Meet Yusuf, an Arab guy who sells male virility products made of zaatar (a Mediterranean herb) to Jews for the sake of co-existence. To increase sales, he decides to put on a show with a puppet named Sumsum only to find that Sumsum won’t cooperate.
Yusuf is the protagonist of “Zaatar Poisoning,” a new play premiering from Palestinian writer and artist Ala Hlehel at the 2012 Israeli Fringe Theater Festival, also known as the Acco Festival, in the ancient city of Acre.
Running during the Sukkot holiday from October 1-4 in the northern port city, Israel’s oldest performing arts festival features a whole host of experimental theater and events.
At a press conference this week, organizers announced the construction of a new 1000-seat hall to host festival events, noting that they have managed to maintain the festival budget, despite widespread cuts in culture spending across the country.
The festival is supported by the Ministry of Culture, the Acre Municipality, the inistry of Tourism (to a lesser degree this year) and the National Lottery. Relations between local and national government in Acre are currently strained.
“Despite this,” thus city Acre mayor Shimon Lankri, “we are not giving up on the festival as a main event that has been important to the city for the last 33 years.”
True to form, the Acco festival presents a unique roster of works that push the boundaries of performing arts genres. Part of the reason for its ambitious lineup is the vision of its curators, Smadar Yaaron and Moni Yosef, who have been at the helm for the past four years. This year, however, will be their last. Next year the two will make way for veteran actor and director Gil Alon, who has been active on the Israeli fringe theater circuit for years.
This year’s festival will open with a documentary film about Yaaron, an iconic performing artist in her own right. The film, by Honi Hame’agel, follows her career over the years, offering insight into the complicated history and unique process of this extraordinary performer. Yaaron and Yosef will receive a special award for their contribution to the festival at the opening ceremony, which will boast performances by singer and actress Miri Mesika and the Kibbutz Contemporary Dance Company.
A smorgasbord of festival offerings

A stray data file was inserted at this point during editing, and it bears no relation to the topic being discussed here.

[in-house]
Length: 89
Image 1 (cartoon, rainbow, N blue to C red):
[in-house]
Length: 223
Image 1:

Over 70 shows will be held throughout the festival by over 350 artists in approximately 500 performances. Apart from the 11 original plays in competition, there will be many street performances, special festival productions and guest productions from abroad.
Among other intriguing offerings is “GIANT, or everything you wanted to know about nothing but were afraid to ask,” a marathon theatrical experience that lasts 12 hours and runs all four days of the festival. The work, by director Ariel Efraim Ashbel, features a dedicated and apparently tireless cast of Israeli and German actors.
“Polio,” a play taking place at an Arab school and featuring local schoolchildren, explores fundamental questions about the essence of education. The play’s creators, Hila Golan, Niva Dloomy and Ariel Nil Levy, won the festival competition two years ago.
The young artist Oded Liphshitz wrote and will direct “Kigler: His Life and Death,” in which the actor David Kigler plays himself. Yael Tal returns to the festival with a satirical play called “A Donkey Eats an Orange.” Raz Weiner, Yonatan Kunda and Neta Weiner – members of the band System Ali – will perform “We’re Building a Port Here,” a collection of songs, skits and dances. The choreographer Aharona Israel will perform “Marathon,” a dramatically physical performance that intensifies before the audiences’ eyes.
Beyond the theater walls, audiences will find Compagnie with Balls, a huge marionette parade from the Netherlands, and Circus Y, performing an aerial acrobatics show called “Gravita.” Nadine Boomer’s well-known dance company will perform a new show and artist Emily Cage brings a biting piece of burlesque.
When asked how present the social justice protest movement will be in performances this year, Yaaron replied that “there will be shows and also poetry performances that deal directly with the social justice protest. But with regards to the theater I assume that a few more years will pass until material has solidifiedabout the social crisis the country is going through.”
Yaaron said that, over the years, the Acco festival has veered toward the mainstream of Israeli theater production.
"Today, however, the Acco festival needs to be strengthening the weaker elements of Israeli theater," she said. "The festival is a platform for alternative and oppositional expression, both in terms of content and aesthetics."